The call for Islamic cemeteries in every canton by a Swiss Muslim umbrella group has provoked a wave of reactions.
Swiss Islam specialists say the legal strategy proposed by Farhad Afshar, president of the Coordination of Islamic Organisations in Switzerland, is the wrong approach to an inexistent problem.
On Sunday Afshar told the Sonntag newspaper he was preparing a legal case concerning freedom of religion after the Bernese commune of Köniz recently rejected a separate burial ground for Muslims.
“With this strategy we are turning something into a problem that isn’t one really – it’s a clumsy approach,” said Stéphane Lathion, head of a research group on Islam in Switzerland at Lausanne University.
Lathion said a federal solution was particularly inappropriate, as in 90 per cent of cantons where there had been discussions about Islamic cemeteries, solutions were found that satisfied everyone.
Nine communes in the cities of Zurich, Bern, Basel, Thun, Lucerne and Geneva have special cemetery space set aside for Muslims. Islamic law says Muslims should be buried separately from people of other faiths.
But Afshar says he has received many complaints from Muslims in Switzerland. “Muslims who came here 40 years ago are dying and have the right to be buried with dignity,” he told the Tribune de Genève newspaper.
Nobody is putting into question the right to a decent burial, said Andreas Tunger-Zanetti, from the Religion Research Centre at Lucerne University, but the legal approach is the wrong one.
“Swiss regulations and Muslim requirements can normally be reconciled, but this has much to do with the needs at the local level and these are defined by the authorities and Muslim representatives,” he noted.
“The numbers may increase in the years to come, but there is no use trying to have one fixed solution for the whole of Switzerland. In some cantons there are hardly any Muslims; one shouldn’t exaggerate the issue.”
Lathion went even further: “There is no demand – 90 per cent of Muslims who die in Switzerland are repatriated.”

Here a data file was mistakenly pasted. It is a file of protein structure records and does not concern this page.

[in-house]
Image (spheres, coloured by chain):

Both experts felt Afshar was not very representative of Switzerland’s 400,000 Muslims, mainly from the former Yugoslavia and Turkey.
Meanwhile, in political circles the question of religious cemeteries continues to provoke heated debate.
“Right until death, Muslims want to create a parallel structure,” the rightwing Swiss People’s Party parliamentarian Oskar Freysinger told the Tribune de Genève newspaper.
Green parliamentarian Daniel Vischer felt Afshar’s legal strategy had little chance of success, while his colleague Antonio Hodgers warned it risked “getting the population’s back up”.
“I would put Ashfar’s declaration in the same category as those made by Christophe Darbellay the evening of the minaret vote,” said Lathion. “It’s one-upmanship rather than an attempt to make people understand or explain what is happening.”
In December 2009 Christian Democratic Party President Christophe Darbellay called for a ban on new Muslim and Jewish cemeteries, just days after Swiss voters approved a halt to building new minarets. He later apologised.
Afshar’s comments have provoked a mixed response in the Swiss Muslim community.
While the question of Islamic cemeteries is relevant, his strategy and timing are flawed, said Abdel Lamhangar, a Swiss Muslim and Socialist councillor for Romont, in canton Fribourg.
“The country is under pressure from all sides and it’s not the moment to have another legal tussle,” he told the French-speaking national radio show Forum.
And Afshar should recognise that Swiss culture is one of negotiation and consensus, he added.
“When things are imposed by the judicial system it’s the rule of law, but when they are imposed by negotiation it’s adhesion and the building of a future,” he said.
Hafid Ouardiri, general-secretary of the Geneva-based interfaith foundation Entre-Connaissance, said in theory Afshar had the right to defend his religious difference, but his method was perhaps wrong.
“Before going to court you need to think about other ways,” he said. Ouardiri highlighted the example of Geneva, where after a long political battle fought jointly by the Muslim and Jewish communities, the local government granted both special burial grounds in a state cemetery in May 2007.
For Swiss Jewish communities Geneva is a special case; in Zurich, Basel and Bern, they have their own cemeteries built on private land, explained Nicole Poëll, deputy president of the Platform of Liberal Jews in Switzerland.
“For us the issue of religious cemeteries is not an issue – it’s been resolved,” said Poëll.
Simon Bradley, swissinfo.ch and agencies
Muslims in Switzerland
The Muslim community in Switzerland accounts for about 4.5% of the population.
Most Muslim immigrants came from the former Yugoslavia and Turkey. The community includes up to 100 nationalities.
The number of Muslims doubled between the censuses of 1990 and 2000, largely boosted by an influx of refugees and asylum seekers, including from the war in the former Yugoslavia.
There are about 200 mosques and prayer houses in Switzerland, but only four have a minaret.
On November 29, 57 per cent of voters supported a people’s initiative to ban the construction of new minarets in Switzerland. This was in the wake of heated debates and legal battles at a local level about requests by mosques to build more minarets.